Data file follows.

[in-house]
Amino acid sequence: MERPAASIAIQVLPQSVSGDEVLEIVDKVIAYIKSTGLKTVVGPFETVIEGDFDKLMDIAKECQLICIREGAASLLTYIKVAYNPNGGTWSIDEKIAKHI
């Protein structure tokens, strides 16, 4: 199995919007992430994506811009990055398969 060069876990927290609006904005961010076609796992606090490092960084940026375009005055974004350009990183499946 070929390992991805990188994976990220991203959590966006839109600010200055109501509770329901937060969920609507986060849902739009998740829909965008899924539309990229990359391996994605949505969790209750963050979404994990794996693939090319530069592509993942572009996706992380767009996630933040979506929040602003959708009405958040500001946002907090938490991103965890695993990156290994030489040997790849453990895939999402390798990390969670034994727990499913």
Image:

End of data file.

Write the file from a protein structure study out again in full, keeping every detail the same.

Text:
[in-house]
Amino acid sequence: MERPAASIAIQVLPQSVSGDEVLEIVDKVIAYIKSTGLKTVVGPFETVIEGDFDKLMDIAKECQLICIREGAASLLTYIKVAYNPNGGTWSIDEKIAKHI
């Protein structure tokens, strides 16, 4: 199995919007992430994506811009990055398969 060069876990927290609006904005961010076609796992606090490092960084940026375009005055974004350009990183499946 070929390992991805990188994976990220991203959590966006839109600010200055109501509770329901937060969920609507986060849902739009998740829909965008899924539309990229990359391996994605949505969790209750963050979404994990794996693939090319530069592509993942572009996706992380767009996630933040979506929040602003959708009405958040500001946002907090938490991103965890695993990156290994030489040997790849453990895939999402390798990390969670034994727990499913």
Image: